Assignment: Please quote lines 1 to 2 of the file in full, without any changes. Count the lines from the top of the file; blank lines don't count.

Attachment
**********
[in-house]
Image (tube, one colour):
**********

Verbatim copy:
[in-house]
Image (tube, one colour):